>> Rob Mac Sweeney: Thanks, Chris.
>> Simon Finfer: Have you got time for another quick comment from me, Rob?
>> Rob Mac Sweeney: Of course.
>> Simon Finfer: If we look at -- I mean, one of the things, and again, Chris touched on it there, what is our target? And I think that's really where our challenge is, is that we have -- I mean, I'm so old that I remember, and none of my junior colleagues see this now, people on ventilators with three chest tubes in each side, because they'd had their lungs blown apart by us, you know, people trying to normalize CO2. Because that is what we were taught we ought to do. And if you look at, you know, odds that low tidal volume basically said that it's better to -- the mini-ventilation was the same, so better to have lots of small breaths than to have a few large breaths. If you want to really simplify it. But nursing staff don't like that. They don't like patients who are breathing very fast, and looking upset. And they don't like tachycardic patients, and they don't like patients who look like they're a little bit hypovolemic. And that I think drives a lot of practice. And we [inaudible] even in the hospital setting, back to the study, you know, they didn't practice low tidal volume ventilation when we looked at afterwards. So I think one of the -- that question, what are our targets? And if we know our targets, which I think we do pretty well in, you know, the ARBS and the low tidal volume stuff is pretty convincing and compelling that people don't do it. How do we then translate if for instance CLASSIC and CLOVERS, and there's a RISE fluids program in Australia, which is going to start with no -- less fluid, more vasopressor in the emergency department for sepsis. So right at the front door. If those things do suggest that we should be practicing differently, a lot of trying to change that into improve patients' outcome is going to involve reeducating certainly my country entire critical care nursing population. That what they currently view as a patient who looks untidy and unwell, and they haven't got nice straight lines on the monitor, is actually -- fixing those things is actually harming the patients. So I think that question of what is our targets is a really important one.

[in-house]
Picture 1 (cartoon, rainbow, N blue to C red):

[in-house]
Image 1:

>> Rob Mac Sweeney: Thanks, Simon. Andrew, want to bring you in on kind of a methods point. Simon had added in his editorial that balanced solutions led to a worse outcome in those that were associated with a worse outcome in those who receive balanced solutions. There were 18 or 19 secondary outcomes which were considered exploratory. This was a tertiary or subgroup outcome. As a methodologist, how much value do we put on this result? Clearly Simon's SAFE trial from 18 years ago maybe demonstrated harm with albumin in traumatic brain injury as opposed to saline in a subgroup. So he has that in his head to think about when looking at these results. But as a statistician, perhaps somewhat separate from a clinical ICU background, how would you view that?